(Image: US Patent Office)
Recently, in the office, while passing by a co-worker, I held up my hand for the purpose of exchanging a high five. He ignored me and kept walking.
This was a dark and traumatic moment.
And it's one that I could have escaped if only I had Albert Cohen's patented apparatus for simulating a high five. It is made specifically for solitary people in need of some high five action. Cohen writes in his 1993 patent paperwork that his machine is designed for sporting events, but it's clearly applicable in all of the other many high five events that constitute the typical adult's day.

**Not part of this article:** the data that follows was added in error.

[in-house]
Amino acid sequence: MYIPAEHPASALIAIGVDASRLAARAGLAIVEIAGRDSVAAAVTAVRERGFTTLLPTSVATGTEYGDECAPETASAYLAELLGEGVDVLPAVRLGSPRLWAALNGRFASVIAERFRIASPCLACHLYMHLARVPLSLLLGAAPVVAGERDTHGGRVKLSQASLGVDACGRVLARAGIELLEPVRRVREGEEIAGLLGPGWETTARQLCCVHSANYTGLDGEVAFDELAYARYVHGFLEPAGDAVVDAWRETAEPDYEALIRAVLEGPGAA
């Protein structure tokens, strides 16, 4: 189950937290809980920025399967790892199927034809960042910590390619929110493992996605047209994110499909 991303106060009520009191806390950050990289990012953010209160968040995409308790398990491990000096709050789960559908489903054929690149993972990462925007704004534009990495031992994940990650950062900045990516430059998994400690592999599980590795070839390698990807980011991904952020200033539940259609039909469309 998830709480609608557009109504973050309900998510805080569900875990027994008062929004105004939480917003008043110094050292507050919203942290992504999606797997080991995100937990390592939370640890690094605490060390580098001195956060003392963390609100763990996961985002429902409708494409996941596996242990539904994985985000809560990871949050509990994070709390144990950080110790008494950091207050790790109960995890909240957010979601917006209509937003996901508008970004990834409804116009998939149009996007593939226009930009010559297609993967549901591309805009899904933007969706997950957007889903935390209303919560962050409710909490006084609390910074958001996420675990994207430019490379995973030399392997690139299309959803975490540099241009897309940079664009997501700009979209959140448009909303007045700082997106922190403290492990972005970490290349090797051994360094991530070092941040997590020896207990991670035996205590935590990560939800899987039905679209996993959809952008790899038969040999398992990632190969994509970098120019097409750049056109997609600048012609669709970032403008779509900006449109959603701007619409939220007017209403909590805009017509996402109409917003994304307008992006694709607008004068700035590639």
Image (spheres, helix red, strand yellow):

-via Simone Giertz